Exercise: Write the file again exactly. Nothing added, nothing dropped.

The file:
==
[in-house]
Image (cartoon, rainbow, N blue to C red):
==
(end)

[in-house]
Image (cartoon, rainbow, N blue to C red):